The neo-Blairites are very inventive in thinking for reasons why Labour supporters might want a leader who stands for social justice rather than just getting into power. It must be about purity, or identity, or about reducing one’s role in evil rather than reducing evil (which requires power, and thus compromise). Labour supporters usually did not join the party to change the colour of the government or to put some particular individual in office for its own sake. Red does not equal socialism. In the USA a “red state” is one that voted for Bush and then McCain, and in China the ruling party calls itself Communist (and flies a red flag) but implements capitalism, albeit in some respects state capitalism. They joined the party to fight for social justice, for people to have an opportunity to better themselves, for workers’ rights, for better education and healthcare. With three of the four current leadership candidates, people see these things slipping further out of reach as they refuse to defend even their former leader’s legacy and oppose Tory plans to shrink the state. The best we can hope for from them is that they will mind the shop for the Tories when they are down, maybe for ten or fifteen years or so, until the Tories regroup, as they did in the last term of Blair and Brown’s government. And it’s not much to hope for.

It could be true that Corbyn is unelectable. It could be that by 2020, the Tories might be discredited enough for any donkey with a red ribbon to win the election; this is, after all, why governments usually change (those elections in the 1980s were not only Labour losses; the Tories won, because enough people were satisfied with them — something critics of Labour so often fail to take account of). But if the so-called modernisers (who aren’t really all that modern, as Paul Bernal notes) fear Corbyn, they had better start offering a serious alternative. Much like the Liberal Democrats, they need to stop blaming voters and start looking at what they are doing wrong. They may win back a few extra votes in Middle England now, but their supporter base is drifting off in favour of disaffection or UKIP.

Image credit: “The People’s Assembly National Demonstration Jeremy Corbyn MP 21 June 2014 124” by DAVID HOLT from London, England - The People’s Assembly National Demonstration Jeremy Corbyn MP 21 June 2014 124. Licensed under CC BY-SA 2.0 via Wikimedia Commons.

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Review: Don’t Take My Baby

24 July, 2015 - 09:00

Picture of Anna, a young white woman in a wheelchair, played by Ruth MadeleyDon’t Take My Baby is an hour-long BBC drama, broadcast on BBC Three (which is likely to be removed from digital TV and only shown online as of next year, something one review says this programme helps make the case against) as part of a series of programmes titled Defying the Label, challenging popular stereotypes about disability. It tells the story of Anna, a wheelchair user with a muscle-wasting condition, and Tom, a man with a hereditary visual impairment that gets worse as the programme goes on. Anna and Tom have a baby, Danielle (Dani), who becomes the subject of a “child in need investigation” in which Anna (played by Ruth Madeley, who is a wheelchair user, albeit with spina bifida rather than muscular dystrophy) and Tom have to prove that they are fit parents before they are even allowed to take Dani home. The couple’s relationships with their parents, who clearly disapprove of their relationship and their decision to have the child, is explored and they have some rows, but eventually work through their difficulties and their fears. Eventually the couple are allowed to keep Dani.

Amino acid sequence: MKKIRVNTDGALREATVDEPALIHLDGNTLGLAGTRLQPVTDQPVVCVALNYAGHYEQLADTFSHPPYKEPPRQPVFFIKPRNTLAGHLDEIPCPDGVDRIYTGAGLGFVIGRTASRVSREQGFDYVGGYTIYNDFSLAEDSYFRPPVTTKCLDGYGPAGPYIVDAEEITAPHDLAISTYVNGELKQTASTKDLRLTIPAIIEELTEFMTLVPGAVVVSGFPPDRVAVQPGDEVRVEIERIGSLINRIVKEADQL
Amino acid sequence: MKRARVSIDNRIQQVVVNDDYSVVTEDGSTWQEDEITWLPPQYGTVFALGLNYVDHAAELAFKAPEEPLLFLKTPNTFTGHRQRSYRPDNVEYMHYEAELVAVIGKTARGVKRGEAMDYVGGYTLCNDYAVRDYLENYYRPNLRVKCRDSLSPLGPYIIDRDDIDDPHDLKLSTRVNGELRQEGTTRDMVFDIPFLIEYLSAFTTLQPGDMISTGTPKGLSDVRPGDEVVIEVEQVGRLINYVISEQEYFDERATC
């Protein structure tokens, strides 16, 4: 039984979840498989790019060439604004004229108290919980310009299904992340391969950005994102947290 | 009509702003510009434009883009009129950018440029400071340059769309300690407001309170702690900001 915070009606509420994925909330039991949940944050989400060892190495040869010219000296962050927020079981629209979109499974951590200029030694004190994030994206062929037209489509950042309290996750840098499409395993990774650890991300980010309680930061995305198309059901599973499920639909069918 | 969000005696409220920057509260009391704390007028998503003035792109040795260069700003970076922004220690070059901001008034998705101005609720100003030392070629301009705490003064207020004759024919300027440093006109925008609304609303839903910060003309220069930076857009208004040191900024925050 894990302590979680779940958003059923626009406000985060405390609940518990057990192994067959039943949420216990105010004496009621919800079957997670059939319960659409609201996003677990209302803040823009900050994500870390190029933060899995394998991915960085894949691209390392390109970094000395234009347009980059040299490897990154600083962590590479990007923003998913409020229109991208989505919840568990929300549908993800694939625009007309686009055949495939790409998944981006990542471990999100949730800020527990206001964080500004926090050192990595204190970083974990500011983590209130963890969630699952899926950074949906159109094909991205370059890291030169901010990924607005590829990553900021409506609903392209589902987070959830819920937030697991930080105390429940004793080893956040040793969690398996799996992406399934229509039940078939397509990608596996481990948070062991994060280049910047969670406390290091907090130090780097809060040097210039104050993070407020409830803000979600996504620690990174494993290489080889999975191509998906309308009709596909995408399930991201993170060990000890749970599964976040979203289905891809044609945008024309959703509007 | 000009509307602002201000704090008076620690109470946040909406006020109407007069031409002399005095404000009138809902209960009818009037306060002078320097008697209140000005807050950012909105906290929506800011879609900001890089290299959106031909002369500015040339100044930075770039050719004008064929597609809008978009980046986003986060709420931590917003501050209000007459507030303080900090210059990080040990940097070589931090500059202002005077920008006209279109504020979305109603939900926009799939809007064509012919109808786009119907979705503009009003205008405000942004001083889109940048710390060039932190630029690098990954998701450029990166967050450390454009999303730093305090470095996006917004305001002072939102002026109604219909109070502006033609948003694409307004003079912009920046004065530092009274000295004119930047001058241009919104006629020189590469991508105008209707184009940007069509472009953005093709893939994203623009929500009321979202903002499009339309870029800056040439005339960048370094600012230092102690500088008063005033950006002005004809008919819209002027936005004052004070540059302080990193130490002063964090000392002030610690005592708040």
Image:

I must say that when I first heard about the premise of the programme, I was a bit disturbed and wondered if this still went on. I was well aware of couples where there is a history of mental illness or a learning disability, even when the former is well in the past or the latter is mild, having their children threatened or even taken away and adopted, but was unaware that this was still going on when it came to otherwise competent, physically disabled parents. (Disability is sometimes used in custody disputes, particularly in the USA — the case of Kaney O’Neill in 2009 [see earlier entry] and the ongoing case of Jessie Lorenz and her daughter are examples — and even though the argument that a parent is less than ideal because of disability is rejected often, it keeps coming back.) The programme is said to be inspired by real stories, which would suggest that the characters are composites, but the scriptwriter, in his BBC blog, says that the story is loosely based on a real couple’s story. The follow-up notes at the end of the programme, saying that Dani had inherited Tom’s condition but not Anna’s and that Anna’s life expectancy remained uncertain, only added to the confusion.